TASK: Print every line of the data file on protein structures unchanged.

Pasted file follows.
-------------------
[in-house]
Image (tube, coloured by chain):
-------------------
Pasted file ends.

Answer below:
[in-house]
Image (tube, coloured by chain):